Richard S. Finn, MD, on HCC: Atezolizumab Plus Bevacizumab vs Sorafenib
2021 Gastrointestinal Cancers Symposium
Richard S. Finn, MD, of the UCLA Medical Center, discusses updated results from the IMbrave 150 study, which showed atezolizumab plus bevacizumab provides the longest overall survival seen in a front-line phase III study in advanced hepatocellular carcinoma, confirming this combination as the standard of care for patients with previously untreated, unresectable disease (Abstract 267).
Wasat Mansoor, MBChB, PhD, of The Christie NHS Foundation Trust, discusses phase III results from the KEYNOTE-590 trial, which showed no deterioration in health-related quality of life when pembrolizumab was added to chemotherapy in patients with metastatic and unresectable esophageal cancers (Abstract 168).
Thierry André, MD, of Hôpital Saint-Antoine, discusses results from the GARNET study, which showed that dostarlimab, an anti–PD-1 antibody, demonstrated durable antitumor activity in patients with mismatch repair–deficient colorectal and noncolorectal solid tumors. No new safety signals were detected, and most treatment-related adverse events were of a low grade (Abstract 9).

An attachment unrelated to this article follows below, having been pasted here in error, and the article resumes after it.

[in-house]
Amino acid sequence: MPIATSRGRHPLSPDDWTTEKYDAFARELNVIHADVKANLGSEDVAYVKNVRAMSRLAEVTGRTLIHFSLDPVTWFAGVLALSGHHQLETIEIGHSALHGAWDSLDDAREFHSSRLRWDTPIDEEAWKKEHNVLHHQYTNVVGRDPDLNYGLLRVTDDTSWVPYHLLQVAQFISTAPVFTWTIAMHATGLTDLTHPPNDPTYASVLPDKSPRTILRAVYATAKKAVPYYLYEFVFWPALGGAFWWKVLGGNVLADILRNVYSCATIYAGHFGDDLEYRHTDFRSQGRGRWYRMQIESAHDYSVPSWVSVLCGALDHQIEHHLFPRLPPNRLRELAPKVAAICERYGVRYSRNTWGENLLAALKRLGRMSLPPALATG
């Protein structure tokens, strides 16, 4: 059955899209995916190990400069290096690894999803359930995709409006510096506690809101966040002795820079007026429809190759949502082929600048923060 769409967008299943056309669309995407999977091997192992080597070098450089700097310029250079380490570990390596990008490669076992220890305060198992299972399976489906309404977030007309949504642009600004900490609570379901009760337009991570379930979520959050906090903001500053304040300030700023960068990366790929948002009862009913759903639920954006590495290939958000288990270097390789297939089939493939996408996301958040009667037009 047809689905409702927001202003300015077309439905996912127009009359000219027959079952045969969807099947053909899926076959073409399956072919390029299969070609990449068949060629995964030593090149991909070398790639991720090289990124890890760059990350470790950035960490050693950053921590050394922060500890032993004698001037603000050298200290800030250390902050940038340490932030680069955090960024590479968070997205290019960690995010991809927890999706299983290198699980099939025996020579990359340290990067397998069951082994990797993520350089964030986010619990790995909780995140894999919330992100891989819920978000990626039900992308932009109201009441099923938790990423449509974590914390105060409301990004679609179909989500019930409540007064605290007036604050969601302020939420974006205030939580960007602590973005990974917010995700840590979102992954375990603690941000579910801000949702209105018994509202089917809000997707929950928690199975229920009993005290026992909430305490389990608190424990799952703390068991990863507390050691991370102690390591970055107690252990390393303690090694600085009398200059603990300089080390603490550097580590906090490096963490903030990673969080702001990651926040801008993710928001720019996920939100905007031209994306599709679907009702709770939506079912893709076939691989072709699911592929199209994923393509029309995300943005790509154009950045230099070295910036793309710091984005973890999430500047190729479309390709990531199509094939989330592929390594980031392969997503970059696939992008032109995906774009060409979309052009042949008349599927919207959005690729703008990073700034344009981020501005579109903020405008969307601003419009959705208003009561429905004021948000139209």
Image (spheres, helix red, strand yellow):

Rocio Garcia-Carbonero, MD, of Hospital Universitario 12 De Octubre, discusses results of the phase II/III AXINET trial, which showed that axitinib plus long-acting release octreotide improved overall response compared with placebo and octreotide in patients with advanced grade 1 or 2 extrapancreatic neuroendocrine tumors. However, no significant improvement in progression-free survival was observed (Abstract 360).
Milind M. Javle, MD, of The University of Texas MD Anderson Cancer Center, discusses phase II study results showing that the novel tyrosine kinase inhibitor infigratinib may prove to be effective in treating patients with advanced cholangiocarcinoma harboring an FGFR2 gene fusion or rearrangement (Abstract 265).
Andrew X. Zhu, MD, PhD, of Massachusetts General Hospital, discusses final results from the phase III ClarIDHy study, which showed that ivosidenib may improve overall and progression-free survival compared with placebo in patients with previously treated cholangiocarcinoma and an isocitrate dehydrogenase 1 mutation (Abstract 266).